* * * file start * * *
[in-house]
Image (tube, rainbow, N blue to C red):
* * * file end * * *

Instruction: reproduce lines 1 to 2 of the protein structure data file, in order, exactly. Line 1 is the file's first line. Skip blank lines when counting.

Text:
[in-house]
Image (tube, rainbow, N blue to C red):